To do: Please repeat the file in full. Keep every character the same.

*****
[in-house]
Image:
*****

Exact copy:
[in-house]
Image: